For these people, dietitians can devise a plan incorporating a range of drinks and foods that supply fluid and nutrients at the same time.

Vitamin B12 deficiency

While a B12 deficiency usually causes peripheral neurological symptoms such as numbness and tingling in the hands, feet, arms and legs, these are not always apparent and it’s the additional confusion, disorientation and changed behaviour that often suggests dementia. But B12 deficiency is easily detected with a simple blood test and then is completely reversible, whereas delaying treatment can cause permanent damage to the brain and nervous system.

Vitamin B12 is only needed in very small quantities but a number of things can reduce the amount the body absorbs from food.

For example, sometimes as people age they reduce their intake of meats and other animal foods. For most, however, changes in absorption probably have the greatest impact – adding up over the decades. B12 relies on a certain level of stomach acid to assist its absorption from food.

Over the years, these stomach acid levels tend to decline. Also, many people take anti-reflux medications to reduce stomach acid and gastrointestinal upsets can increase, pushing food through the gut too fast to make the most of the nutrients it contains.

There is no need to stop giving required medications, but what is important is ensuring B12 levels are checked regularly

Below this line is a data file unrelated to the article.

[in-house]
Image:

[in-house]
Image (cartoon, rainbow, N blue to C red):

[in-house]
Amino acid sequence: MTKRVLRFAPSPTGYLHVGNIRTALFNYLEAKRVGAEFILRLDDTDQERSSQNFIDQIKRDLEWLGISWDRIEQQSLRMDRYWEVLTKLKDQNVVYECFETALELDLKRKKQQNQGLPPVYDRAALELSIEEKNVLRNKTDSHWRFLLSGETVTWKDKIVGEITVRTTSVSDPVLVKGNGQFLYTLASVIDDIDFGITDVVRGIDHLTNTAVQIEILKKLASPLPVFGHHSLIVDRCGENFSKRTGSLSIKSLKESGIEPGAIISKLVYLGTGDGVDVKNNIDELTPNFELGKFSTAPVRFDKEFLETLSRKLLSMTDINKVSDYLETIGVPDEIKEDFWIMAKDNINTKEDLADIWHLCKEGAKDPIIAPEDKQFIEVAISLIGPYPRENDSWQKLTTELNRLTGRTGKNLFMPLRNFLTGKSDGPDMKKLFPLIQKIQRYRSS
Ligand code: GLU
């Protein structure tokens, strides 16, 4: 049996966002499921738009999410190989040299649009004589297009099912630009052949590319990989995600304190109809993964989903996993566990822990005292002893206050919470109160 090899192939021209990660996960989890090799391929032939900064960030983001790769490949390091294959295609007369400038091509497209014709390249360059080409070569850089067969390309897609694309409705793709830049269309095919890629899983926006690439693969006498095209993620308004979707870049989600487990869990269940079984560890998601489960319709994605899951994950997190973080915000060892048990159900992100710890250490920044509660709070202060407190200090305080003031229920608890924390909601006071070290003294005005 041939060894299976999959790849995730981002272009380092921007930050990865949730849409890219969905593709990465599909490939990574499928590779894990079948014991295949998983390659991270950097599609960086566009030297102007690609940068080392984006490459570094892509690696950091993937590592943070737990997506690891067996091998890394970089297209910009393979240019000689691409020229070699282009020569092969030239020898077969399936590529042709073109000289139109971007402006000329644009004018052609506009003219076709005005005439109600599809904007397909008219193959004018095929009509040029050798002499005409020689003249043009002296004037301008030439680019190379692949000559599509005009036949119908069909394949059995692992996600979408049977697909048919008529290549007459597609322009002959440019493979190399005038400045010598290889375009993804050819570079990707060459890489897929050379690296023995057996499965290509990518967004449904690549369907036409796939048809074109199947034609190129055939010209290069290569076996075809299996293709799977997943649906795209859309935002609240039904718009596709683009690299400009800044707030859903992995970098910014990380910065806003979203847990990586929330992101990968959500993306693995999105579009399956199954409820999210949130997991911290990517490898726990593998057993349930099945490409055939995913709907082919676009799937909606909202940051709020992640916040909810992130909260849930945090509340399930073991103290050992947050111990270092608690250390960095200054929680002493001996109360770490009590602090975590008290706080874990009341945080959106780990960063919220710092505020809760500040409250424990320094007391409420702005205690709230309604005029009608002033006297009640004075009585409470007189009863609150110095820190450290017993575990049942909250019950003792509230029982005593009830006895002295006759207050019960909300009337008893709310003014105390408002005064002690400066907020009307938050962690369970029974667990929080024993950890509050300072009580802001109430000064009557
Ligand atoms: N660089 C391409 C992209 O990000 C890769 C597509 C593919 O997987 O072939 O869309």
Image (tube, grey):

so treatment can commence. If there are any signs of altered cognition, check to make sure a deficiency is not the reason for the problem.

If these possible contributors have been ruled out and a dementia diagnosis is made, it is essential to realise that most

people continue enjoying many years with their families and friends. Seeking the advice of an accredited practising dietitian as soon as possible is important: unless weight loss is minimised and food/fluid intake is adequate, there is a high risk of malnutrition and dehydration, triggering physical and mental frailty that will hamper quality of life in the precious years ahead.

Ngaire Hobbins is a dietitian specialising in geriatrics, dementia and ageing wellness, and author of Eat To Cheat Ageing. See: eattocheatageing.com.au

Contact an accredited practising dietitian at daa.asn.au